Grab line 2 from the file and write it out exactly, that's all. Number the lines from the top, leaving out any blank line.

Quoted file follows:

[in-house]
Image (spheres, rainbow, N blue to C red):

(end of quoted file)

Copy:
Image (spheres, rainbow, N blue to C red):